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R. T. Pinker, H. Wang, R. Hollmann, and H. Gadhavi PowerPoint Presentation
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R. T. Pinker, H. Wang, R. Hollmann, and H. Gadhavi

R. T. Pinker, H. Wang, R. Hollmann, and H. Gadhavi

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R. T. Pinker, H. Wang, R. Hollmann, and H. Gadhavi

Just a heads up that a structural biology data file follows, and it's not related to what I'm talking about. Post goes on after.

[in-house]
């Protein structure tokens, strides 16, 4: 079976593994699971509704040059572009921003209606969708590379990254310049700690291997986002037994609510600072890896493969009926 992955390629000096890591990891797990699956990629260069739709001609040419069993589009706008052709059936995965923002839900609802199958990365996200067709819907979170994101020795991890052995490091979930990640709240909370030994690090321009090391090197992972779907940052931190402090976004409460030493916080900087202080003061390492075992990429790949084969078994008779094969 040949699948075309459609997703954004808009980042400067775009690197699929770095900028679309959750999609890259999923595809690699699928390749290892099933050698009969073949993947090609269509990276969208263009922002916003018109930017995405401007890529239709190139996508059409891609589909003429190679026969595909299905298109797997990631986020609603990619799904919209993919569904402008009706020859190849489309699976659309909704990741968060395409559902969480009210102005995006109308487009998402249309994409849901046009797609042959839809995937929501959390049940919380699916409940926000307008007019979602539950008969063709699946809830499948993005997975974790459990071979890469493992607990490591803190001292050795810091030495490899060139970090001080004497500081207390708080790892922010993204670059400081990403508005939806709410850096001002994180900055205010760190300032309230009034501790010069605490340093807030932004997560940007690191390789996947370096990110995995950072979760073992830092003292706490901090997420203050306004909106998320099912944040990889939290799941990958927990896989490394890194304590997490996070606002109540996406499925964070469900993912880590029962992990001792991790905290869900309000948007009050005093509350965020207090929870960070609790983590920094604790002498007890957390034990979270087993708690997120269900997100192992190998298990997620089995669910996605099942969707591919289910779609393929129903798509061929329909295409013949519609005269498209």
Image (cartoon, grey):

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  1. Use of SEVIRI cloud properties to simulate SW fluxes from GOES-R ABI R. T. Pinker, H. Wang, R. Hollmann, and H. Gadhavi Department of Atmospheric and Oceanic Science, University of Maryland, College Park, Maryland Background SEVIRI METEOSAT-8 METEOSAT-7 Data Sources Cloud optical properties: Retrieved from the Spinning Enhanced Visible and Infrared Imager (SEVIRI) on board the Meteosat Second Generation (METEOSAT−8) in the Satellite Application Facility on Climate Monitoring (CM-SAF), 3 km resolution at nadir, provided at 45 minute after every hour. Precipitable water: NCEP reanalysis Aerosol Optical Depth: Multi-angle Imaging SpectroRadiometer (MISR) daily Component Global Aerosol Product (CGSA) at 0.5 degree resolution Total Ozone Amount: MODIS monthly products at 1 degree resolution Spectral surface albedo: The Filled Land Surface Albedo Product from MODIS/TERRA Product at a 0.05 degrees resolution. Cloud properties from CM-SAF at 3 km resolution are re-gridded into 0.125 degree boxes extending from 75 W to 75 E and 60 S to 60 N to derive shortwave radiative fluxes for July of 2004. Shortwave radiative fluxes at 0.125 degree resolution • Two types of methods are often used to derive radiative fluxes from satellite observations: • Based on a relationship between the broadband reflected radiation at the top of the atmosphere (TOA) and atmospheric transmittance. Once the atmospheric transmittance is known, the surface irradiance can be computed from the incoming solar flux at the TOA and auxiliary information on the state of the atmosphere and the surface. • Based on independently derived atmospheric optical parameters (aerosol optical depth and cloud optical depth and phase) from multi-channel observations. 1245Z, Jul 6, 2004 1300Z, Jul 6, 2004 Daily Flux, July 6, 2004 Objective Implement approach (2) with cloud properties from METEOSAT-8 SEVIRI observations to derive surface shortwave radiative fluxes. The cloud properties are produced under a reprocessing effort at EUMETSAT Satellite Application Facility on Climate Monitoring (CM-SAF) and are available hourly at 3 km spatial resolution for the full disk for about four months of 2004. Such data will also become available from the Advanced Baseline Imager (ABI) on GOES-R which has similar channels to those of SEVIRI. The product is evaluated against ground observations. For comparison, derived are also fluxes from METEOSAT–7 using method (1), that eventually, will be implemented also with METEOSAT-8. met7 met8 Evaluation All six BSRN sites, July, 2004, Meteosat-8 Monthly Flux July 2004 Input Parameters to Inference Scheme (2) The inference scheme to derive surface radiative fluxes from independently derived optical properties of clouds and aerosols has been previously developed at the University of Maryland (2). It requires: column water vapor, column ozone amount, cloud fraction, cloud optical depth, aerosol optical depth and spectral surface albedo. Instantaneous flux Daily flux Three BSRN sites (SBO, TEAM an DAA), July, 2004 Instantaneous flux Validation sites Summary Surface radiative fluxes are estimated with cloud properties from METEOSAT-8 provided by EUMETSAT CM-SAF SEVIRI observations. Similar information will become available from ABI on GOES-R. Of interest is evaluation of the radiative flux estimates against ground observations and independent satellite products. Will help to develop guidelines for optimal utilization of ABI information (Model (1) or (2) approach?). Will facilitate evaluation of cloud products from ABI. BSRN site list BSRN site location Meteosat-8 Meteosat-7 5th GOES Users' Conference, AMS 88, New Orleans, Jan 20-24, 2008 Acknowledgement: This work is supported under the Cooperative Institute for Climate Studies Cooperative Agreement, NOAA Award number NA17EC1483.